About Kiyoshi Kurokawa
Kiyoshi Kurokawa is a physician as well as a Professor at Graduate Research Institute for Policy Sciences. He focused on innovation policy around science, technology, innovation, and health. He has also served as a professor at UCLA from 1979 to 1984 and the University of Tokyo from 1989 to 1996, and served as Dean immediately thereafter until 2002.
He has served on the Presidents of Science Council of Japan, the International Society of Nephrology, the Japan Society of Medicine, and the Japan Society of Nephrology. Kiyoshi was also a Science Advisor to the Prime Minister and the Cabinet from 2006 to 2008.
Latest Posts by Kiyoshi Kurokawa
MIT Media Lab is well known throughout the world and in Japan as a quite “obstinate” existence in that it aims to “Build the Future”. The existence of this Lab is well recognized by the world for this unique character.
It was last year that Mr. Joi Ito, a Japanese, but rather more popular as a “global citizen”, was appointed to be the director of the Media Lab, and this attracted people’s attentions in Japan through the coverage by various medias.
I, too, introduced this topic on my web site.
On January 17th, the “MIT Media Lab@Tokyo 2012” was held in Tokyo. Dr. Negroponte, the founder of the Media Lab in 1985, also joined in this event to tell us the history of how the Japanese companies supported Media Lab. Dr. Negroponte is also well known for the project “One Laptop Per Child”, an aid to Africa, and this time he showed me a new “Tablet” .
A prestigious university working on “outrageous, unprecedented” projects. Such universities are, I think, the drive force for developing human capital that will transform the world. Those universities are the producers of the “Out of the Box” talent, the “Change Makers”.
All speakers very passionately delivered their speech and presented their demonstrations. I participated in the dialogue with Joi. Then, I went back to my work at the Congressional Investigation Committee on Fukushima Nuclear Power Plant Accident, and returned again in the evening to join in the reception of the Media Lab which I enjoyed very much.
This whole event is uploaded on Ustream. The video starts with the Opening by Joi (the approximate time in the Ustream is “00:00:00–”), followed by the presentations of Dr. Hilgado “00:23:20–” Dr. Ishii “00:45:55–”, dialogue of Joi and myself “01:00:50–”, panel of Joi with “Out of the Box” people in major Japanese corporations “01:22:45–” and so on. Take a look and enjoy.
Why don’t you go to the Media Lab? Something inside you might change. I also urge all Japanese companies to support this extraordinary Lab.
The “Committee of Parliament to Investigate the Accident at Fukushima Nuclear Power Plants” was launched officially on December 8th last year. Recently, nine committee members and I received the official notice of appointment at the Parliament from the Presidents of both the House of Representatives and the House of Councilors. This ceremony was followed by a session where the ten committee members made comments and representatives from all political parties expressed their thoughts and expectations towards this committee.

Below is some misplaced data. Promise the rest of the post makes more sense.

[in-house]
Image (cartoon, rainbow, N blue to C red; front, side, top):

This whole event was broadcasted live from the Parliament and now the audiovisual record of all the comments of the committee members as well as all the requests from the members of the congress are uploaded at the “Shugiin TV” for public viewing. My comments as the chair of this committee appears at the start of this session, and also in the end after all representatives from every political party have presented their “requests” to our committee. By the way, it happens that 70 years ago on this day, the 8th of December, the Imperial Japanese Navy attacked Pearl Harbor to join in the World War II. It was truly the beginning of the great tragedy of our nation. I could not help touching upon this historical coincidence when I talked about the Fukushima Nuclear Power Plant accident.
Mr. Yasuhisa Shiozaki, a representative of the Liberal Democratic Party who served as the Chief Cabinet Secretary, and one of the key persons to set up this committee, writes about this issue in his blog several times. Mr. Shiozaki also wrote a record of the whole process of the making of this committee and published it as a book in mid December titled “ ‘The Committee of Parliament to Investigate the Accident of the Nuclear Power Plants’ – A Challenge From the Legislature (「国会原発事故調査委員会」立法府からの挑戦状)” (this book is published in Japanese only).